America is getting more international help in its quest to build a peaceful, democratic Iraq but, ironically, its plans are under threat because the spiritual leader of the country’s Shia majority, Grand Ayatollah Ali Sistani, is demanding fully democratic elections
America's proconsul in Iraq, Paul Bremer, met the United Nations' secretary-general, Kofi Annan, on Monday January 19th, to plead for the UN's help in salvaging America's plan to give Iraqis their sovereignty back by the end of June. The plan is in danger of collapse because Grand Ayatollah Ali Sistani, Iraq’s most senior Shia Muslim cleric, insists there should be proper elections to choose the members of an interim national assembly that will select a new, provisional government. America insists it would be impossible to organise such a nationwide vote without delaying the handover of power. Instead it proposes that assembly members be chosen by local “caucuses”, in each Iraqi province. The caucuses’ members would in turn largely be selected by the Governing Council, a group of Iraqis appointed by America, who have already been given some restricted powers.
The Coalition Provisional Authority gives Mr Bremer's statements and outlines plans for governing Iraq. See also the US State Department's information on Iraq and the UN's Iraq section. The US Defence Department and US Central Command report on the security situation.
Mr Bremer, accompanied by members of the Governing Council, pressed Mr Annan to send a mission to Baghdad to assess whether or not direct elections would be feasible in the next few months. A Governing Council member allied to Mr Sistani said that if such a team of UN advisers were sent and decided that elections were not feasible, then the ayatollah would accept this. Mr Annan said further talks were needed before he could decide whether to send the mission, but diplomats said they expected a positive response.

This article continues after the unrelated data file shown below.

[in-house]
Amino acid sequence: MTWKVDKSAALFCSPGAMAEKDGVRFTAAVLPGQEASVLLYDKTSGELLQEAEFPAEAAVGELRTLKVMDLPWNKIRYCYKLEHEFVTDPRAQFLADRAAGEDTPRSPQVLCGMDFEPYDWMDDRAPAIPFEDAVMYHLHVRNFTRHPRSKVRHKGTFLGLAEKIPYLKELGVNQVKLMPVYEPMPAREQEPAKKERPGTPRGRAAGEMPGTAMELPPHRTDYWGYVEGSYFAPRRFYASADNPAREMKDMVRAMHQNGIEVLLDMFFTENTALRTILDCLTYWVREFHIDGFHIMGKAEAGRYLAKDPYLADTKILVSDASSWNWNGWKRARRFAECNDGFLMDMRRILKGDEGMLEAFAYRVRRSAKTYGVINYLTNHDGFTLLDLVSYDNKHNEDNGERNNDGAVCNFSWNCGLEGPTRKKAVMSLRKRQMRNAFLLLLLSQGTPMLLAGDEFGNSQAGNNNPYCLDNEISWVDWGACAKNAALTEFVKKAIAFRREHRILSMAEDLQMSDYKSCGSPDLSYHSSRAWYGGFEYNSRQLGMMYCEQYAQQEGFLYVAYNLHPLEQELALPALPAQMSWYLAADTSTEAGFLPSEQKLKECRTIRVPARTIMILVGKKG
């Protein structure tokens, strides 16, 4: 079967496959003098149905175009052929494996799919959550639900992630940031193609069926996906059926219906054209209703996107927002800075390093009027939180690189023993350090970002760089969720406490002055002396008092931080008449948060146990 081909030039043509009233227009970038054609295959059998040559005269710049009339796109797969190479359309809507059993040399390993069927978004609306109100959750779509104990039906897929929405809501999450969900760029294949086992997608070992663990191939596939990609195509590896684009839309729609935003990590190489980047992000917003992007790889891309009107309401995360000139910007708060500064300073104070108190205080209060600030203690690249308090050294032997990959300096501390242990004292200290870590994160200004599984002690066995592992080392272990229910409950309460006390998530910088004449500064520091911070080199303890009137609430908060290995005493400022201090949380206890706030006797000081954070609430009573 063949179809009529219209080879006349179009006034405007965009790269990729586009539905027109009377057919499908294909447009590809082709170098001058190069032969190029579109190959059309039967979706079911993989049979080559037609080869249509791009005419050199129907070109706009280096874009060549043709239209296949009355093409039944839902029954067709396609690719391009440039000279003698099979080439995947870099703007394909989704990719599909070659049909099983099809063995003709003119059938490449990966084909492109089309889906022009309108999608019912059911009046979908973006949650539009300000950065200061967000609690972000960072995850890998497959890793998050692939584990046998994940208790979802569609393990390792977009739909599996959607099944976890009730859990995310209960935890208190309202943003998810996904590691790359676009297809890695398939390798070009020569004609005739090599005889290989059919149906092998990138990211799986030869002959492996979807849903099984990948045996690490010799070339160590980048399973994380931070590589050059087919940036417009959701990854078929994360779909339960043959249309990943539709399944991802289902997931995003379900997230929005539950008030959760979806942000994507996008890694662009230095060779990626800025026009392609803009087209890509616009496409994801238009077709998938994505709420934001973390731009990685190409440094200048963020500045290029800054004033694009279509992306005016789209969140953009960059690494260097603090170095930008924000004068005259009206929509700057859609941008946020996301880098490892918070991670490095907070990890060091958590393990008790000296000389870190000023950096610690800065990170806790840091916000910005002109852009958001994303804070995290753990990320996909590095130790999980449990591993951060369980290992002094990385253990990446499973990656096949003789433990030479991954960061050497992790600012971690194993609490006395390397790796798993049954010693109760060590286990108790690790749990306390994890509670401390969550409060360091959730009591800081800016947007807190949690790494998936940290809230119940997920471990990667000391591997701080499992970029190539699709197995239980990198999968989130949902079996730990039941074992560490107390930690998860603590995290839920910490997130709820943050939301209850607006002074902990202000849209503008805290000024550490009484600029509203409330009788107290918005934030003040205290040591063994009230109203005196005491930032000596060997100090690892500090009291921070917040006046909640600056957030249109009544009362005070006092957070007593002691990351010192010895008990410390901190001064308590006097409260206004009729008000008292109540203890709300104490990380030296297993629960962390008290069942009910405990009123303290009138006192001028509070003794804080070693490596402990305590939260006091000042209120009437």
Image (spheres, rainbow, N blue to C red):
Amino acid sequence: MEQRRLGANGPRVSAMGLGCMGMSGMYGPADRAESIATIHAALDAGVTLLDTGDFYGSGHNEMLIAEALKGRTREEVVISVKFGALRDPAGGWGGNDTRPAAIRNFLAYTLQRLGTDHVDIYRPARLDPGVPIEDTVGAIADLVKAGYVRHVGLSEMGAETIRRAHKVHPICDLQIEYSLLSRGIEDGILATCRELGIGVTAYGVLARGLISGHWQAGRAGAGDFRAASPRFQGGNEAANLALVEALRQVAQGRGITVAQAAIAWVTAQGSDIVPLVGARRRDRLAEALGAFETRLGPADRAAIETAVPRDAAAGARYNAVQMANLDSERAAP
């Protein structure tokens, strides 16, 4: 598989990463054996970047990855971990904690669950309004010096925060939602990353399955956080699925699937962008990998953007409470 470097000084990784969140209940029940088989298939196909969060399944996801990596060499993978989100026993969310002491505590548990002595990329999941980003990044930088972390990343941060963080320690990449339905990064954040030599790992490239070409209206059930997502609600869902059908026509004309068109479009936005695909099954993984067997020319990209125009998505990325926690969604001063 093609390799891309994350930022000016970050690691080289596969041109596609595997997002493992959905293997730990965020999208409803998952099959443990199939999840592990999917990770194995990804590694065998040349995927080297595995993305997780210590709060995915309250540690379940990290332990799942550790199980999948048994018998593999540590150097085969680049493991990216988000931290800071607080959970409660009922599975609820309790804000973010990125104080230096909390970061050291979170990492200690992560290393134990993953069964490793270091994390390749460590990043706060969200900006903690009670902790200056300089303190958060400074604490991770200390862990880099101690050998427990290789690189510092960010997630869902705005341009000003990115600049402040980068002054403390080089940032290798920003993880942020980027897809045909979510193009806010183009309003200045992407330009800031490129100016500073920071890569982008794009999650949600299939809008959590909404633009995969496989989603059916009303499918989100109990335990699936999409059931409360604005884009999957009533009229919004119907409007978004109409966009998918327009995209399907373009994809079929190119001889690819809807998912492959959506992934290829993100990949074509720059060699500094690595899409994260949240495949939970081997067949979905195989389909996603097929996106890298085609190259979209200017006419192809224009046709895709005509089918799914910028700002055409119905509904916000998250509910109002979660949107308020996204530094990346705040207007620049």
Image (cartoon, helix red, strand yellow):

Considering President George Bush’s avowed desire to build a strong democracy in Iraq that would set a positive example for the rest of the Middle East, he ought to have been heart-warmed at the sight of tens of thousands of Shias chanting “Yes, yes to elections!” as they protested in the southern Iraqi city of Basra on Thursday and again in the capital, Baghdad, on Monday. But the demonstrations were manifestations of Mr Sistani’s power to whip up strong opposition among Shias—who are an estimated 60% of Iraq’s 25m population. Though he is Iranian-born and speaks Arabic with a heavy Persian accent, Mr Sistani commands strong support from Iraqi Shias and could cause serious trouble if his demands are not met.
Mr Sistani and his people fear that the caucuses will be rigged to try to exclude the Shias from power, as they were under Saddam Hussein’s Sunni Muslim regime. Last week, the ayatollah issued a fatwa (religious decree) that “every Iraqi must have the right to vote”. His aides say that unless direct elections are held, he may issue another, tougher decree which would turn the Shias—hitherto largely supporters of the American-led invasion—into opponents, resisting America's presence alongside the remnants of Saddam’s forces. If so, hopes for an orderly handover of power would be shattered. The ayatollah has refused to meet Mr Bremer so he has been relying on the Governing Council to try to talk the cleric into a compromise.
America believes there is not enough time to produce the new electoral register that would be needed for direct elections. Mr Sistani argues, however, that the ration cards used for the UN's oil-for-food programme (which have just been reissued, without many hitches) could be used as voters’ registration cards. In a last-ditch bid to persuade the ayatollah to accept the caucuses, Mr Bremer is looking at ways to make them more open. But time is short: he has only until the end of February to pass a law on how the transitional assembly should be chosen.